I would greatly appreciate it if someone can verify for me that I’m not missing something. The pattern is a free pattern on Eunny Jang’s site, linked in a PDF document over to the right side. The chart in question is Chart B. If you look at the chart, you’ll see that it increases one stitch every other row for the first half of the chart and it should then decrease one stitch every other row for the second half of the chart. The problem is that the decrease rows on the second part of the chart seem to be missing one decrease. When I look at the number of YO’s versus the number of decreases, I get a balanced number. No net decrease. Am I insane or is this the case?

Please, oh please, some lace-knitting, chart-loving, kind-hearted, too-much-time-your-hands soul out there take a peek for me and let me know if there is, in fact, a problem here! Either way, it’s really not such a big deal, but I would like to know whether I am just a flat-out knitiot. I will, of course, let Eunny know about it if it's an error since I'm sure she would want to correct it, but I really don't want to bother her if I'm just misinterpreting something in my addled brain.

I finally just decided to add an extra K2TOG to each row that should have a net decrease and now I’m moving along swimmingly. But I still would like to know whether I’m reading something wrong. It seems clearly off to me, but at the same time I find it difficult to imagine that nobody has pointed out this error yet. The pattern has a 2005 copyright and there’s even a gallery of photos of shawls folks have knit from the pattern. Did everyone revise Chart B as I have or am I just making some type of rookie error in reading the pattern?

After all this rambling, I wish I could reward you with lots of photos, but at this point, with the outer edge in progress and most of the main body still crowded onto a long circular needle, it’s rather difficult to get a shot that looks like anything more than this:

I can spread it out a bit and focus on one side, so you can see a bit more of how the edging is progressing. It will take some “aggressive” (that’s the word used in the pattern) blocking to transform into its final form but you can get a little of the idea of how the edge will look from this shot.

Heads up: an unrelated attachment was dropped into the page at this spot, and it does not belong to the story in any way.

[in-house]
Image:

Overall, despite my sore brain, I’m now progressing well and have little fear remaining about making my deadline of completing this in plenty of time for my niece’s prom. Hallelujah!


Micki said...

Yep, the error in the Print O' the Wave chart B is documented by Eunny herself here.

I'm so sorry you had to rip it out so many times! That's totally something I would have done. BTW, I'm always early too. My twin sister is always late, so somehow it evens out.

Katinka said...

My head hurts just reading this! ;) I'm glad micki had an answer for you, though.

Lynne E. said...

In a Stitches West class on fixing mistakes, Sidna Farley gave some of the best advice ever: "Never rip after midnight!" :D Actually, I'm impressed that you figured out the solution.

anne said...

i looked at the pattern too, and eunny's correction on the forum. but i also noticed an error that she did not document. on row 15, right at the beginning, it seems that the chart SHOULD say sl1, k1, yo, k2tog in order to continue that little ladder of YOs that travels straight up the side of the edging. this would make row 15 match all the other odd-numbered rows . . .

anne said...

oh! and i forgot to say how very VERY gorgeous the shawl looks in that yarn! just SO frothy and gossamer . . . more like wave froths than anything i've seen out there. really beautiful deb! makes me want to pull your laceweight out right now! but i have to get the starlight pattern done first. and it almost is. this weekend, FF merino swatches here i come

~Tonia~ said...

It looks so lovely. Sorry you had so many problems. Glad that all is well now and everything is going smoothly.